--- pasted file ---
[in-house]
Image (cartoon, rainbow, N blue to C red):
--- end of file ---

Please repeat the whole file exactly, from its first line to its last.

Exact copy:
[in-house]
Image (cartoon, rainbow, N blue to C red):